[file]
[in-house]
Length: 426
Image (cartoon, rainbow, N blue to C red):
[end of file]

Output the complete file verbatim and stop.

[in-house]
Length: 426
Image (cartoon, rainbow, N blue to C red):